From the days of glass plates to today's digital images, photography has helped save wildlife
PHOTOGRAPHIC TECHNOLOGY has changed dramatically since the first notable conservation photographers began making outdoor images in the 1800s. From huge, unwieldy boxes that had to be towed by mules, cameras have evolved into tiny, high-resolution digital devices that can fit in a back pocket or fly in clutch of a drone. Here’s a brief sampling of that technological evolution.
Mules and men hauled the hundreds of pounds of gear that pioneering photographer William Henry Jackson used to document the West. His large-format cameras made negatives on glass plates nearly 2 feet across.
Paired images, such as these of a blooming cactus in Arizona, were made for viewing through holders called stereoscopes. Popular in the late 1800s, they gave armchair travelers a 3-D view of the world.
George Shiras (at front of canoe) used a hunting technique called jacklighting to illuminate wildlife on the wooded shores of Michigan’s Whitefish Lake—and to make the first photographs of animals after dark.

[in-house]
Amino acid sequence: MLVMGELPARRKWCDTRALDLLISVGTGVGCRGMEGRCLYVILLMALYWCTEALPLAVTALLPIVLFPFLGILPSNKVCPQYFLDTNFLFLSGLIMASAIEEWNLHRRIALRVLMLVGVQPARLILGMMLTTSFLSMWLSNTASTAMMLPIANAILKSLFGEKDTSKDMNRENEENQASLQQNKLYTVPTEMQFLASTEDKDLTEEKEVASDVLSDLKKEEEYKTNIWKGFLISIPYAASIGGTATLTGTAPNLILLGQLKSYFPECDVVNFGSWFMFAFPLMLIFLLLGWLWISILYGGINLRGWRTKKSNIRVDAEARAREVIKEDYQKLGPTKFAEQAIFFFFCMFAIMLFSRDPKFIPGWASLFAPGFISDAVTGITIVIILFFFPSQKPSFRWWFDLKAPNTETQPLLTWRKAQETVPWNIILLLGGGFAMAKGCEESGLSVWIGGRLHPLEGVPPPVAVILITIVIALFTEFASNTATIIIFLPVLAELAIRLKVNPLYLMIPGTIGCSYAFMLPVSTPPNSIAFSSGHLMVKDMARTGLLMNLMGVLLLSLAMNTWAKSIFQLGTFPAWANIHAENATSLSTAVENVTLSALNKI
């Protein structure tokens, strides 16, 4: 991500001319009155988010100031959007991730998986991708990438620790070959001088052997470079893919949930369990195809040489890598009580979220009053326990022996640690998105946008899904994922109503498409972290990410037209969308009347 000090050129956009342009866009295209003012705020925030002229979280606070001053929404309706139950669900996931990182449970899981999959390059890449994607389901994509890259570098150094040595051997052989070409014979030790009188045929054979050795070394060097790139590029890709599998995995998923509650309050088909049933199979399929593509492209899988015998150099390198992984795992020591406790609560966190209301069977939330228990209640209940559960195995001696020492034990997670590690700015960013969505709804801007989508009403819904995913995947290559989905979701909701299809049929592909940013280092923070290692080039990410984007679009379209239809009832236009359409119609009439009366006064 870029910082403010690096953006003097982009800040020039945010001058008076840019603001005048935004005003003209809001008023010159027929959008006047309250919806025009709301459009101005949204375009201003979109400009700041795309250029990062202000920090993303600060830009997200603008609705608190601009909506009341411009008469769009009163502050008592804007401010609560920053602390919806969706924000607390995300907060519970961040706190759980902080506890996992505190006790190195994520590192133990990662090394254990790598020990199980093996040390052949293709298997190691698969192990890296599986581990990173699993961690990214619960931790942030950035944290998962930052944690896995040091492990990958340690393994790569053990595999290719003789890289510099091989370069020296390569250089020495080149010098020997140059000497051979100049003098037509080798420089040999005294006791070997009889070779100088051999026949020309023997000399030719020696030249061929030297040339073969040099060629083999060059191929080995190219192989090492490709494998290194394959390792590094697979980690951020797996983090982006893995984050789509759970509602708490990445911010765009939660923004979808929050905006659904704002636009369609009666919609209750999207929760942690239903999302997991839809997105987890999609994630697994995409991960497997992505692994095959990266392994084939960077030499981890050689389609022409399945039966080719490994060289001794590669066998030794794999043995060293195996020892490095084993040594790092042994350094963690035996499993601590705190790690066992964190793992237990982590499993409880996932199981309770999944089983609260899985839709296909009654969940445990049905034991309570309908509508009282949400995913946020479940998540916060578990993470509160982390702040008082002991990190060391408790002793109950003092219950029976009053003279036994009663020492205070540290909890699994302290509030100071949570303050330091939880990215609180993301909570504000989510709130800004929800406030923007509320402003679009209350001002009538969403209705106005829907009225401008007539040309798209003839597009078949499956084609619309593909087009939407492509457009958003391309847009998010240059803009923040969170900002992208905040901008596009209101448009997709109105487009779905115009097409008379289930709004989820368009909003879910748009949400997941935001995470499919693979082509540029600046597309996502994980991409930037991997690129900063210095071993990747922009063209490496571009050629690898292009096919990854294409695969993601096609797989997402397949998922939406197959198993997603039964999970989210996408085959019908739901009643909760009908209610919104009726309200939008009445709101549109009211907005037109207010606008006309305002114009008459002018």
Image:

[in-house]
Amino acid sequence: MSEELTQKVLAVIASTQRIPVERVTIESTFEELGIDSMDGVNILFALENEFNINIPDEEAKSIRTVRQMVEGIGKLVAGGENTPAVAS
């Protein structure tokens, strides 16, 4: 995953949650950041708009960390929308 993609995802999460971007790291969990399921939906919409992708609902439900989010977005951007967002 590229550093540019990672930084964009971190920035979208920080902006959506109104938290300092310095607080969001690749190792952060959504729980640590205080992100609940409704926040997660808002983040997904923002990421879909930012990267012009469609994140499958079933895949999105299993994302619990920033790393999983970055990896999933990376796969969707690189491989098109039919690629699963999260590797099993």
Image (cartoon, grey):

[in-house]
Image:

George Eastman introduced the first roll film on a transparent base in 1889. Here, an intrepid photographer washes his film in Yakutat Bay on the Gulf of Alaska, a bath that will yield an early peek at the exposures.
This hogfish became the first underwater creature photographed in color. To capture the image, huge charges of magnesium flash powder were detonated on the surface to light the sea 15 feet down off Florida’s Dry Tortugas.
A promising tool for studying and protecting wildlife populations, drones such as this octocopter take cameras into hard-to-reach areas, providing “eyes in the sky” with less cost and risk than small planes or helicopters.
Today, access to sophisticated digital cameras and social-media platforms gives even amateur shutterbugs—including many NWF members—the power to use photography to support conservation.
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